You can play with chocolate's flavors without leaving Chicago. Segal sells hot chocolate blends, each with a distinctive profile. The dark is a mixture of French bittersweet chocolate and cocoa butter; the medium and light, different combinations of French and Belgian chocolates.

If you want your chocolate with a twist, then go for the malted milk and espresso or the spicy Mexican. For proof that chocolate can have strong non-chocolate notes, try the butterscotch. There's no butterscotch in it; Segal chose and blended French chocolates that carry a clear butterscotch flavor. All are available at the restaurant or online.

If you're out to explore the world in a glass, then this is one sweet way to go.

photo courtesy Tim Turner

Some things you should know about the Speakeasy Throwback on Thursday at the Palmer House Hilton:

The centerpiece (physically speaking) of the gathering of local distilleries and some of Chicago's top chefs will be a bathtub filled with booze.

The base of the concoction -- the only word suitable here -- will be tea from Rodrick Markus of Rare Tea Cellars. Spirits from Death's Door, Koval, North Shore, Hum and Templeton Rye will fill out the mixture, says Lockwood's Phillip Foss, one of the chief organizers of the event. Forner Sepia cocktail slinger Peter Vestinos will preside over the bathtub. There may or may not be a slushie version of the bathtub beverage; Foss is experimenting.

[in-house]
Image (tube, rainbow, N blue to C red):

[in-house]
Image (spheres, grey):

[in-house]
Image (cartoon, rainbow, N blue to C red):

The person for whom this event has been organized, bartender Shawn Koch, however, doesn't much care for booze right now, only red wine, and only a half a glass at most -- though that won't stop him from at least sampling all the night will have to offer. shapeimage_4.png

This time last year, Koch was working the bar at the Paramount Room, 415 N. Milwaukee. Around the holidays, he started losing dexterity in one arm and became increasingly forgetful -- though he kept on tending bar with the good arm. In late January, when one of his legs quit working on him, his wife, Katie, took him to the doctor. They found three brain tumors in his brain, the largest the size of a golf ball, and diagnosed him with a rare form of brain cancer.